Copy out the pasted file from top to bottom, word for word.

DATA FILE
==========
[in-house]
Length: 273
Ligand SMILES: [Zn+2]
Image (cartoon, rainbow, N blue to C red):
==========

[in-house]
Length: 273
Ligand SMILES: [Zn+2]
Image (cartoon, rainbow, N blue to C red):